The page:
A single material found eminently suitable to serve as both the non-toxic fuel and the carrier for the flavoring agent is an activated or non-activated carbon. Such combined fuel source and carrier may be manufactured from wood which is of a high ash content such that the ash content of the resulting charcoal is between 10 and 20% and the porosity is of the order of 50 to Specifically as applied to the manufacture of a cigarette substitute, raw stock in the form of an elongated cylinder having a diameter of the order of approximately 1.0 cm. may be charred in the absence of air, starting at a temperature of about 250 C. and progressing in increments up to 800 C. over a period of 4 to 6 hours. During this charring period, the wood is freed of volatile components, such as tars and resins which might be injurious to health. The charring is conducted under vacuumsuch that the porosity and distribution of the pores in the char permits ready passage of air whereby the cigarette may be readily drawn. The passage of approximately 25 to 28 cubic cm. per second of air measured at 20 C. and at 1 atmosphere, under a pressure ditferential of 3 inches of water when applied across a length of approximately2 /2 inches of char is of the order of porosity found suitable for the manufacture of the combined fuel source and carrier. When desired, the char may be activated by any suitable gas-activating method.

As an example'of such gas-activating method, a mixture of 50% air and 50% superheated steam at 1 atmosphere and at a temperature of 650 to 800 C. is passed through the porous char for approximately 4 hours. The porosity is controlled as aforesaid until the air passage is of the order of 2 8 to 31 cubic cm. per second. 7

Although charcoal is a very good adsorbent, it is equally within the contemplation of the present invention to employ a separate carrier for the flavoring agent. Other such adsorbents are fullers earth (used to bleach or dec'olorize oils and fats), and natural or activated clays for decolorizing petroleum fractions and the like.

The aromatic flavoring agent which is used to impregnate the carrier may consist of any suitable blend of natural or synthetic flavoring oils, such as vanilla, eucalyptol, octyl'acetate or isoamyl isovalerate.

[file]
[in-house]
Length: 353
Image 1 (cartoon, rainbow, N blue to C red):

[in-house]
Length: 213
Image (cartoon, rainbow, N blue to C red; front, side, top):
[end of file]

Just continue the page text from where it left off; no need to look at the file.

The smokeformiingagent, which is non-toxic, may be admixed with the flavoring agent, for example by dis solving the same in a quantity of alcohol. The quantity of smoke-forming agent which is added is dependent on the volume of smoke desired and its required color. Thesmoke-forming agent preferably is an edible solid or liquid and must have a vapor pressure at 240 C. of not less than 200 mm. mercury pressure and have little or no taste. Such smoke-forming agents may be characterized as substances which will yield a distillation product incident to heating which product is opaque and of a color calculated to simulate cigarette smoke. As an example, glycerol and glycerol monoacetate meet the above requirements, and when subjected to heat from the fuel source is distilled followed by recondensation in the form of an optically opaque mist or smoke-like haze. A further smoke former may be a material which is convertible to a condensible non-toxic solid or liquid mist which mist has. no or very little taste or odor. Examples of condensible non-toxic materials of this type are calcium pimelate, which is converted to cyclohexanone and calcium carbonate upon heating, and calcium suberate which is converted to cycloheptanone and calcium carbonate upon heating. A further example of smokeforming materials are those which are produced by distillation and/or thermal decomposition of a coal tar color, employed in food, drugs and cosmetics. Such coal tar colors are well known in the art and produce a haze of high optical opacity; the coal tar colors are exceptionally effective as smoke formers with low concentration, of the order of ;4% by weight of the carbon content.